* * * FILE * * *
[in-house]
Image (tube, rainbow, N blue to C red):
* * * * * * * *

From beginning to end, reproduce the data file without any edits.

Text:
[in-house]
Image (tube, rainbow, N blue to C red):